The coronavirus outbreak is teaching us the importance of an “ounce of prevention.”
With the worldwide spread of coronavirus, we are all being asked to do our part to stop its spread. Washing hands, maintaining social distance, and staying home if you are sick are things we can all do to preempt COVID-19, the respiratory illness caused by coronavirus.
Much has been written about how COVID-19 largely spares children. However, families of children with cancer know that any infection, including this new one, can weaken their child’s defense system.
Amid the coronavirus pandemic and all we are being asked to do to stop it, we should not lose sight of the fact that cancer remains the leading cause of death by disease among children and adolescents, and the third leading cause of childhood death overall.
The exact cause of childhood cancer remains unknown; however, researchers believe it is most likely caused by a combination of genetic, environmental, and immune system factors. In today’s blog we examine some of these factors and what we should be doing to prevent more kids from developing cancer.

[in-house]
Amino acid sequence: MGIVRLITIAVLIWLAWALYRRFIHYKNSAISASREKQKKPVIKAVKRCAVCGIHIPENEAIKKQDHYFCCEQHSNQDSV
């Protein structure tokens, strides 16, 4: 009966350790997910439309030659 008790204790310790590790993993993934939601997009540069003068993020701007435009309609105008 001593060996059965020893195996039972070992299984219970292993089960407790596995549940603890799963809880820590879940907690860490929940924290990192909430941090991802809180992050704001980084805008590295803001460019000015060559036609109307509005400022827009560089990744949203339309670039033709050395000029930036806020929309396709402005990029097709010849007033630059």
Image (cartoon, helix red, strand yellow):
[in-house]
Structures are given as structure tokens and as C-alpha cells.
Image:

Risk factors for childhood cancer remain poorly understood for several reasons. For example, most children with leukemia don’t have any known risk factors, and many children who are affected by risk factors don’t develop cancer.
Nevertheless, we know that there are many factors that increase the risk a child will develop cancer. These include prenatal problems, exposure to infections and radiation, and genetic factors. Here is what we know about some of the risk factors, and recommendations for preventative measures we can take to preempt them:
Genetic Risk Factors
Cancer is a genetic disease, caused by certain changes to genes that control the way cells function, especially how they grow, divide and mutate. Genetic changes that promote cancer can be inherited from parents if the changes are present in reproductive cells. Inherited genetic mutations play a major role in about 5-10% of all cancers, according to the National Cancer Institutes.
“Genetic changes that cause cancer can also be acquired during one’s lifetime, as the result of errors that occur as cells divide or from exposure to carcinogenic substances that damage DNA, such as certain chemicals in tobacco smoke, and radiation, such as ultraviolet rays from the sun,” NCI states.
How We Can Preempt Genetic Risks
Genetic tests for hereditary cancer syndromes can determine if a person from a family that shows signs of such a syndrome has one of these mutations, NCI says. These tests can also show whether family members without obvious disease have inherited the same mutation as a family member who carries a cancer-associated mutation.